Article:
Gluten Sensitivity and Celiac Disease are two different yet related issues that present with similar symptoms. Celiac Disease is an autoimmune reaction to gluten and can be easily tested and confirmed by a doctor. Non-celiac gluten sensitivity is more nebulous and therefore, there are no specific biomarkers to diagnose it. Celiac disease is rare — an estimated one percent of the population has it. Gluten intolerance appears to be more common, and may affect up to thirteen percent of people, although estimates widely differ. Symptoms of both include bloating, gas, fatigue, depression, constipation, iron-deficiency anemia (see above!), delusional thinking, and even psychosis. Some fascinating research on the connection between schizophrenia and gluten has been published recently, although results are not yet consistent enough to conclude a causal relationship.
Researchers at John’s Hopkins University’s School of Public Health found that people with celiac disease are three times more likely to develop schizophrenia than those without it. A literature review of studies published between 1900 and 2014 found that anxiety, depression and fatigue are all common complaints in patients with celiac disease that has been untreated.
So, what can you do? Simple serology tests, the Tissue Transglutaminase IgA antibody and the IgA antibody, will look for antibodies in the blood to determine whether or not you have a negative reaction to gluten. If this test is negative but you still suspect you have celiac disease, you may want to ask your doctor for an IgA Endomysial antibody test, although this is more expensive and less accurate. Genetic testing can be helpful in determining if you might be a candidate for celiac or gluten sensitivity, but only about five percent of people who carry the genes will actually develop Celiac Disease. You may also want to rule out a straightforward wheat allergy, which often presents differently, by taking an allergy panel like RAST or skin prick testing.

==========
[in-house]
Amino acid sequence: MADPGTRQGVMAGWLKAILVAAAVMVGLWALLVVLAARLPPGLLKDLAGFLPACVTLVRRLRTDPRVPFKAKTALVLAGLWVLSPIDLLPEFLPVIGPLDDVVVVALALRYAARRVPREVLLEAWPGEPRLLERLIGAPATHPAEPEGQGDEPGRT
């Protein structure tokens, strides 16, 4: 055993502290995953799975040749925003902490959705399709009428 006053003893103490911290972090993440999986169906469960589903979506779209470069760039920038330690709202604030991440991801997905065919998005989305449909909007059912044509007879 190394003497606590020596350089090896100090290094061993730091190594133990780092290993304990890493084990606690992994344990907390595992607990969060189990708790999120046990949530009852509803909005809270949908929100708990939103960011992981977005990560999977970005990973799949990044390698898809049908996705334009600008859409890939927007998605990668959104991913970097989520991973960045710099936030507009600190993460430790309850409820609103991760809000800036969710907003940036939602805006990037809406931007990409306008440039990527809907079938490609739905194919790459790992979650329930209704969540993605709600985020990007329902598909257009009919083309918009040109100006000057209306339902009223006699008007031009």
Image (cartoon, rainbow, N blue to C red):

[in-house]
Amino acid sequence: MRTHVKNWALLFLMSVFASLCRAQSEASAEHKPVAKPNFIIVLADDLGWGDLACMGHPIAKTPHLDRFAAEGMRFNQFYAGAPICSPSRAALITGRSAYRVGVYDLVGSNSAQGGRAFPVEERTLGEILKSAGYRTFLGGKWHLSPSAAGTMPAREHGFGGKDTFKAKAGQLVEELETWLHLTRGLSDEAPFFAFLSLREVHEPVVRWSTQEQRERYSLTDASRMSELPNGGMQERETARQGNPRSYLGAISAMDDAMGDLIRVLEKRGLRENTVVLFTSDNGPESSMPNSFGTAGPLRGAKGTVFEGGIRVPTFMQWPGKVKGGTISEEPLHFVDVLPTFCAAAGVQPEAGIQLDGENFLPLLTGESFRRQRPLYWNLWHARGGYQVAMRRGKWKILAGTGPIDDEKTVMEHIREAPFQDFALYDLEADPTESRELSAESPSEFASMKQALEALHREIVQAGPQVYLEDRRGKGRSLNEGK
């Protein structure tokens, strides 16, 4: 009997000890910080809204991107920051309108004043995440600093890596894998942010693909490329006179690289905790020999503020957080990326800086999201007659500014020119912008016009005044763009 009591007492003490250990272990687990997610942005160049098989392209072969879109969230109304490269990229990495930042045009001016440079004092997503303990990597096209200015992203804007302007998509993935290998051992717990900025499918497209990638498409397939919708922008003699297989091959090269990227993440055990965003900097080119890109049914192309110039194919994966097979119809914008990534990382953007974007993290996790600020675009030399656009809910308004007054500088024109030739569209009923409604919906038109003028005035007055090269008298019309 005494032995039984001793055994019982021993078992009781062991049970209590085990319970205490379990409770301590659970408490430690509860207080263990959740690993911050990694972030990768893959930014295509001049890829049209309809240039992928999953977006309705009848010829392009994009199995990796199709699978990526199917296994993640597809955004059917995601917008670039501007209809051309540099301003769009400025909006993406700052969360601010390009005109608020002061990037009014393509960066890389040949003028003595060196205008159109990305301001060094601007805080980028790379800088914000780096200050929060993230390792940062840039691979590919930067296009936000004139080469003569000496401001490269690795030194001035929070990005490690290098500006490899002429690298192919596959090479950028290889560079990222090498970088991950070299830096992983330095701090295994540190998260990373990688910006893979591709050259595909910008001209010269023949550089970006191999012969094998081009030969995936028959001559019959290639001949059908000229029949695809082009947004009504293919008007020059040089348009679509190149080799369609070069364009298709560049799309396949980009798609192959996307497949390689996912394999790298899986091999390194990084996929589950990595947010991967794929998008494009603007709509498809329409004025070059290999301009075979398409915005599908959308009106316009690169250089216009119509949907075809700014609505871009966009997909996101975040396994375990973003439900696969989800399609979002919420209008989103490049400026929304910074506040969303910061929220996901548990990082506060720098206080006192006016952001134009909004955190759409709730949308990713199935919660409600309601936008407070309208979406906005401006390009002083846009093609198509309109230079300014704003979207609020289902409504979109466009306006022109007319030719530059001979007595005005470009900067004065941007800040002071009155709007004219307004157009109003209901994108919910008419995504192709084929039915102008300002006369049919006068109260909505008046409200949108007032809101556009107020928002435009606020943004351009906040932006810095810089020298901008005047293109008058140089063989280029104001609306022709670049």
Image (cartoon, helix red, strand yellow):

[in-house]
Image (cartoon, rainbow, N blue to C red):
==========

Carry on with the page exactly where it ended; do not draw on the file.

Celiac disease and gluten sensitivity are treated through dietary shifts— but that doesn’t mean that the process is easy! Many foods in restaurants contain hidden gluten (one-third of gluten free dishes in US restaurants have been found to contain gluten) and package labels in the grocery store are not always accurate. Cross-contamination in manufacturing plants is common, so it’s rarely safe to rely on an ingredient list unless the packaged food is certified “gluten-free.” And, many people who are aware that gluten trashes their health still cannot resist the siren song of pizza and freshly baked bread, which is where enlisting the help of a health coach may be extremely helpful. Going gluten free is definitely a lifestyle shift, but if you have celiac disease or gluten sensitivity, it’s the only way to heal. Give your body and mind three months to adjust to the change, and be patient with yourself as you navigate living in a gluten-free world. It’s not easy, but the boost to your wellbeing may be considerable!
Reactive Hypoglycemia, also known as the great mimicker of depression and anxiety, is a little known yet increasingly common condition where blood glucose levels become dangerously low three to four hours after eating a meal. There are a few different types of hypoglycemia and while some are associated with pre-diabetes, non-diabetic reactive hypoglycemia is simply caused by low blood sugar without the highs. Symptoms include weakness, shakiness, dizziness, headache, sweating, anxiety, irritability, heart palpitations, insomnia, a sense of doom, hallucinations, extreme fatigue and loss of consciousness. Studies conducted on the prison population found that reactive hypoglycemia was linked to violence among inmates, and it is often misdiagnosed as chronic fatigue, subclinical hypothyroidism, depression, bipolar disorder, alcoholism, anxiety, and others.
Hypoglycemia can also drive alcohol use disorders and eating disorders because temporary relief from symptoms is usually dependent on the ingestion of sugar, creating a vicious cycle. This may be why Alcoholics Anonymous often pushes donuts and juice on the newly sober to counteract the terrible effects of decreased glucose in the body!
Testing for reactive hypoglycemia is straightforward, although few doctors look for it. If you suspect you may have reactive hypoglycemia, you will need to ask an experienced endocrinologist for a Mixed Meal Tolerance Test, which involves swallowing a sweet drink containing fat, protein and sugar. This will raise your blood glucose and force your body to pump out more insulin. Then, you’ll be given several blood tests over the five hours following ingestion to see how your body reacts.